Effectiveness Of Art Therapy: The Role Of Art Therapy For Mental Health

Medically reviewed by April Justice, LICSW
Updated April 29, 2024by BetterHelp Editorial Team

The effectiveness of art therapy has been debated, but the most current research points to it having many potential benefits for mental and physical health. Art therapy interventions have been accepted as an effective alternative or complementary therapy used by mental health professionals in institutions like schools and hospitals. This article explores the role of art in mental health based on clinical research by mental health experts. 

Exploring your inner creativity may improve your mental health

What is art therapy?

The Since the beginning of human civilization, the arts have been an integral part of human existence for millennia, aiding with expression, healing, teaching, and learning. Art therapy uses creative expression as a therapeutic device. There are various types of art therapies that use different art methods, including dancing, singing, drawing, painting, pottery, and acting.

Art therapy has benefits as a stand-alone practice, but it is typically most effective when combined with other forms of psychotherapy such as cognitive behavioral therapy (CBT). Psychodynamic art therapy focuses on the subconscious mind, revealing unconscious thoughts and beliefs that develop in childhood. Creative expression through writing, drawing, and other art forms could have the ability to tap into the subconscious mind and bring underlying cognitive processes to light. 

A 2014 randomized controlled trial on the effectiveness of psychodynamic group art therapy for treating patients diagnosed with schizophrenia found that patients who had attended group art therapy had significant improvements in self-awareness of their emotional states and that of others. Art therapy may even be able to prevent mental illness by helping people to process trauma and improve self-esteem. 

What are different benefits of art therapy?

According to the American Art Therapy Association, art therapy supports mental health by improving cognitive function, self-esteem, self-awareness, emotional resilience, and social skills. Arts interventions have been used to support the physical and mental well-being of individuals and communities with therapeutic, preventative, and rehabilitative effects. 

In this next section, we explore the evidence-based benefits of art therapy from the standpoint of mental health researchers. 

Stress management

Stress is one of the major contributing factors to mental distress and physical illness.  Could art therapy be efficacious in reducing stress? Research suggests that it art therapy might be just one way to relieve stress and reduce the impact of stressful life events on the mind and body. 

One study on art therapy found that just 45 minutes of creative art-making reduced the levels of cortisol (stress hormone) in the brain for 75% of adult participants. That is just one study, so to determine the actual effectiveness of art therapy, we need to look at a larger review of data. 

A systematic review of 37 studies on art therapy found that art therapy interventions reduced stress levels for around 80% of participants. This research suggests that most adults who participate in creative arts therapies benefit from stress reduction.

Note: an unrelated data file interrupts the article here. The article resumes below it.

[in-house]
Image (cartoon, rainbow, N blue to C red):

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Art therapy for depression and anxiety

Art therapy has potential benefits for people experiencing depression and anxiety symptoms. Creative expression may be able to help individuals safely express strong emotions, build self-esteem, and process past traumas. In one study on the benefits of clay art therapy, researchers found that one of the potential prospective benefits of art therapy for mental health disorders like chronic depression and anxiety is that it can improve emotional regulation. 

One of the largest systematic reviews yet on the effectiveness of art therapy for depression and anxiety looked at the data from over 400 different clinical studies. It found that art therapy had positive effects on individuals living with mental health conditions such as depression, anxiety, Alzheimer’s, schizophrenia, cognitive impairment, and more. 

Researchers have also noted that the things expressed by individuals in art therapy could help practitioners make more accurate diagnoses so they can and deliver more effective care to their clients who live with depression and anxiety.


“Men’s Sheds” is a project that aims to reduce social isolation for men by allowing them to go and practice woodworking, pottery, photography, and art. Research shows that this type of community-based art therapy group improved the social skills, self-esteem, self-worth, and cognitive functioning of participants–leading to improvements in overall physical and mental well-being.

Self-image can be a vital component of personal transformation and improving overall well-being. Research supports the idea that art therapies can be effective self-esteem-building activities. Creative expression through artwork can enable people to see that they do have the power to create the life that they want and improve their sense of independence and responsibility. 

According to a scoping review by the World Health Organization, music therapy can improve self-esteem, self-image, and confidence for individuals processing past traumas or experiencing mental health conditions. Drama activities were also found to improve self-image for teens with body image concerns. Children with autism spectrum disorder (ASD) may also be able to avoid and prevent victimization by using art therapy to improve overall self-esteem. 

Art therapy for people with autism